quarantine4Angela Vidal (Jennifer Carpenter) is a young reporter doing a remote with a local firehouse with her cameraman Scott (Steve Harris), where she will be shadowing a pair of firefighters, Jake (Jay Hernandez) and Fletcher (Jonathan Schaech). It starts simply, a little fluff piece, a tour of the house, a slide down the poll, and a little off-color banter that can be "edited out." The bell rings and the crew, with Angela and Scott in tow. What will the call be? An actual fire, or perhaps a medical emergency? Once they arrive, it is not immediately known.

The police are there with a group of tenants milling about the lobby. Our heroes climb the stairs, bust in the door only to find an elderly woman standing there breathing funny. After a few tense moments, she lunges from the shadows and a chain reaction of death and terror is begun. People die, blood is spilled, and the military shows up outside, sealing them inside.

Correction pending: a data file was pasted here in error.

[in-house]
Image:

Now we are in full-on survival mode. The tenants, firemen, police, and intrepid Angela discuss, argue, and try to figure out what is going on and what they need to do. The problem is that the longer they wait, the harder it is going to be to avoid the inevitable.

quarantine5There is a lot of running, screaming, and plenty of blood. I knew what I was watching was something I have seen before, but the atmosphere, jump scares, and surprisingly crowd pleasing moments dragged me along, waiting, wondering what was around the next corner. What is the cause of this? Who is behind this? Why are the reports saying everyone is out? Good question. You get a few bits of information to make an informed guess, but the truth of the situation is still out there.